As Koya listens her hands repeatedly cut the Harrow deck in her hands. She even does a one-handed cut, which Jharad remembers her attempting to learn when she was a young girl. Now her hands are quite deft as she cuts, riffles, and waterfalls the deck. Laying them out face down on the small silk covered table in front of her and scooping them up again. Her eyes never leave Jharad’s. “Well, it may be that we will get a chance to travel if there was any truth in my earlier premonitions. But whither to, and whether the journey will be one of good or ill, I cannot say. People believe these cards are magic.” She stops shuffling, having stacked all the cards together again. She frowns at them. “They are not. They may focus the spellcasting of the wielder, and sometimes they may channel messages to us from the spirits or the gods or fate. Most times, however, my readings are just based on my ability to read people and guess their true desires and fears. My fortunes are simply the telling of tales that the images suggest to me that may be relevant to the inquirer, but they are tales of the usual cycles of ordinary life played out more times than perhaps even the gods can count infused with just a bit of drama to make things interesting but enough hope to allay people’s fears and allow them to make the right choice. I don’t presume to tell the future but only of what can be if people will only dream larger dreams but also keep their wits about them. Still, on occasion I can perceive the immediate outcome of certain choices, and by immediate I mean within the span of time it takes to burn a stick of incense from Tian Xia. Maybe Desna will grant me greater foresight in response to my prayers in days to come. Still, what I felt back at the inn the other night seemed like a true seeing. Something is about to be discovered and we may all get our wishes. And you know what they say about wishes…” She grins, reminding Jharad of the little girl and beautiful young woman she was not so long ago by his reckoning. “Be careful of what you wish for,” she finishes and cackles melodramatically. She swiftly pockets the cards and stands. “Why don’t we go to the inn brother of my heart? I am thirsty and maybe your new friends are waiting for you.”
Jharad agrees and so they walk together to the Rusty Dragon. On the way there, Jharad casually asks about how Shalelu is doing these days.
Koya chuckles. “Oh yes, I remember you had a crush on her in the days before you left. We haven’t seen her for a few months, but she is still around. You don’t need me to tell you that a few months are but a moment to an elven ranger. I believe she has been spending time with her human stepfather at Fort Rannick by Hook Mountain. She may be there, or on her way here now, or patrolling some other parts of Varisia.”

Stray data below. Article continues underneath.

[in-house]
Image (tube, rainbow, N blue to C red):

Toshio and Zeyala, in the meantime, go to the sheriff and report on what was done in the marsh. In addition to the basic facts, Toshio notes, “The halfling, Proudstump, noted that just because the caves had been cleared in part the day before didn’t mean something else dangerous hadn’t moved in. Sandpoint could apply that lesson to the whole marsh. I think it would be wise of us to send patrols through the marsh from time to time, so no monsters get the idea it’s a safe place for them. We could even do similar patrols in the areas surrounding the town. I know it would mean more time and effort, and especially more training, but it would be good training for the guard in the first place. And I’m sure it would be worthwhile.”
Sheriff Hemlock chuckles good-naturedly at this suggestion. “That would be a wonderful idea, Toshio, if we had the man power. You know we only have about a dozen full time watchmen, and of those only three or four of you are ever on shift at a time. The rest of the milita are only three score and some, and they are just farmers and fishermen with spears who we can only call away from their work during an imminent crises. Why do you think we had to put out a bounty just to call in adventurers like that half-orc and Jharad just to get rid of the goblins? As for the marsh, frankly, I think you all got lucky. You could just as easily have all been wiped out and never heard from again. It’s a good thing you did take Zeyala or it sounds like you would have been. My thanks, good lady,” he bows in her direction. “Most days the fishermen follow their trail and are never harassed. I have no doubt that sending patrols along those trails will not come up with much either – during the day when the dark things are hiding in their holes. And if they go in at night – well, I doubt they would come back at all. Sorry, Toshio. Now that the Licktoads are taken care of and you’ve destroyed their skeletal guardians that the goblins disturbed, I think the marshes are best left alone.”
“Sheriff, I made a terrible mistake back at Proudfoot’s home,” admits Zeyala. “I put myself in grave danger because of my lack of experience. This creature had me fooled. I was unable to pick up on its cues and it cost me dearly. If not for the others, I surely would have perished. However, I believe I erred on the side of law which I will continue to follow, though I will be more cautious in the future.”